10 Jul 2014

Resize Windows XP NTFS Partitions Using the Windows 7 Installer

I needed to resize an NTFS partition on a system running Windows XP. Rather than download GParted, I decided to attempt the resize using a Windows 7 installer. Fortunately, it works! Read all about it after the break.

Windows XP NTFS partitions compatible with the Windows 7 diskpart command.
Who'da thunk it?

Last year I used the services of a non-profit genealogical society in Winnipeg to recover a number of my ancestors' birth, marriage, and death certificates. The society reproduces documents archived on microfilm using a very old SCSI microfilm scanner connected to a very old computer. The computer is running Windows NT 4.0 and takes upwards of 10 minutes to process a single scan at 600 DPI! It even lacks USB, so only hard-copies are possible!

Given this sad state of affairs, I decided this month to donate an updated computer. A replacement scanner is way beyond the current means of the society or myself, but it isn't really the bottle neck. It's the nasty old computer that is the problem. One small restriction, though: the existing microfilm scanner only has driver support up until Windows XP.

I went through the drudgery of installing WinXP, only to realize as I was almost finished that I had partitioned the hard drive counter to my original plan. With "utility" computers assigned to a specialized role, I like to keep a Clonezilla image of the pristine and updated install on a second partition near the end of the drive. This approach gives an avenue for quickly restoring the computer back to a usable state in the case that anyone manages to screw it up.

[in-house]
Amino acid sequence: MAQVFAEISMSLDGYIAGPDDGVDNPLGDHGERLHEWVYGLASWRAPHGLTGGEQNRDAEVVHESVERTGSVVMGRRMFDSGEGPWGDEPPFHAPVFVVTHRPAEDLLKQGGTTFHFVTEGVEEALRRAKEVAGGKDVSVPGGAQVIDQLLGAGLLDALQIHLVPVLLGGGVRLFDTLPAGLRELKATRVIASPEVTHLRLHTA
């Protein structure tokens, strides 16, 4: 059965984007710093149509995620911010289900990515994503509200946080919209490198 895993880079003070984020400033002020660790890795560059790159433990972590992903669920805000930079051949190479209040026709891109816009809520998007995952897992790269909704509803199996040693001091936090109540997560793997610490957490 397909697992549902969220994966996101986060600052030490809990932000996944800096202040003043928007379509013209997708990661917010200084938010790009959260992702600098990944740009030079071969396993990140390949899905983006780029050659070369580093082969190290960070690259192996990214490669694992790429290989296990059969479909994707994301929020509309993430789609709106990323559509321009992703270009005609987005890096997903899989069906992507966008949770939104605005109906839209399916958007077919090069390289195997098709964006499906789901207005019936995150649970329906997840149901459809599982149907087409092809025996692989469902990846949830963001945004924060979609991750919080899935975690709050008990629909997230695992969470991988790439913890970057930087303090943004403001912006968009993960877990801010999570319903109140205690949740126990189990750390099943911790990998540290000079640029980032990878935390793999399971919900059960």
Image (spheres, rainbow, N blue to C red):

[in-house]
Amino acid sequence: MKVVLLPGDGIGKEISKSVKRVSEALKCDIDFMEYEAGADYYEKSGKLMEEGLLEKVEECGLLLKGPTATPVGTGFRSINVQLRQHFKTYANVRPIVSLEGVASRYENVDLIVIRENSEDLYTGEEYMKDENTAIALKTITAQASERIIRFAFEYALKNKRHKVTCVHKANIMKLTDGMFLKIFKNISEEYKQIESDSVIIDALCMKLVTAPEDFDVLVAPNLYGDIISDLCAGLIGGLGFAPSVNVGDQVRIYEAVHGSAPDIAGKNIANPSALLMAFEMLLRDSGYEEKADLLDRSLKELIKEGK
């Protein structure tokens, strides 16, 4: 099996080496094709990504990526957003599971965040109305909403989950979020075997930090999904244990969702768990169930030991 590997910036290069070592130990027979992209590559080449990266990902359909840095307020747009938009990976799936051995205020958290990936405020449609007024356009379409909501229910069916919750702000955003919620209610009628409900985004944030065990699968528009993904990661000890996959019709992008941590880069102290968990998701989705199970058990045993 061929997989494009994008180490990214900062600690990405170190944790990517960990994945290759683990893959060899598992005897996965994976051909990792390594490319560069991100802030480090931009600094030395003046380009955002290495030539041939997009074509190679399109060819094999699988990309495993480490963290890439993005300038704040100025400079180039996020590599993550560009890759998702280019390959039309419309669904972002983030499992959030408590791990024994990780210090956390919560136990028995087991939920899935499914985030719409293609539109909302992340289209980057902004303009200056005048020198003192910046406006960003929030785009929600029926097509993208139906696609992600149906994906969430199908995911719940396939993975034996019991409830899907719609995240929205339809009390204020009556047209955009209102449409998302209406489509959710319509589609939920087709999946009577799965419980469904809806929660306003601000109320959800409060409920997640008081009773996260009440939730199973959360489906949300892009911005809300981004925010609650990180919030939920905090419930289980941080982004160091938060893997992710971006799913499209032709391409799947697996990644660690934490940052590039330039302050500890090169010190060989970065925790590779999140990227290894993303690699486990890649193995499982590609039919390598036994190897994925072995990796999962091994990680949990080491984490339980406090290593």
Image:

At any rate, I remembered shortly after discovering my partitioning error that WinXP does not have a native ability to shrink or grow partitions. ARG! I was about to download GParted when I realized that I could probably achieve what I needed using an existing Windows 7 installer. The diskpart command on Win7 is capable of shrinking and expanding NTFS, so why wouldn't it work with a WinXP system partition? It couldn't hurt to try, at least after taking appropriate measures to back up my progress using Clonezilla.

Some years ago I set up a USB flash drive with the Win7 install files. I plugged it in and rebooted the computer with the flash drive. An install DVD would work equally well. My course of action was as follows:
  1. On the "Install Windows" window, click on "Next" to move past the initial language / time / currency / input options;
  2. At the next set of options, click on "Repair your computer" in the bottom left corner, instead of "Install now";
  3. On the "System Recovery Options" window, select the option "Use recovery tools that can help fix problems starting Windows" and then click "Next";
  4. On the next set of options, click on "Command Prompt";
  5. In the command prompt window type:
    1. diskpart
    2. list volume
    3. select volume #    [where # equals the partition number you want to shrink]
    4. shrink desired=size    [where size equals the amount by which the partition should be reduced, in megabytes. For example: "shrink desired=20480" would shrink a 100 gigabyte partition by 20 gigabytes, so the end result would be an 80 gigabyte partition with 20 gigabytes of free space after it]
    5. exit    [to quit the diskpart command]
    6. exit    [to quit the command prompt window]
  6. Click on "Restart".
Upon booting back into Windows XP, you will find that your partition has indeed been shrunk by the desired amount.

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